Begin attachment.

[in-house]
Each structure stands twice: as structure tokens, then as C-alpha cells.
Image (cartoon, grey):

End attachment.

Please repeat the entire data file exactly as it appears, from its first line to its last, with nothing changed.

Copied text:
[in-house]
Each structure stands twice: as structure tokens, then as C-alpha cells.
Image (cartoon, grey):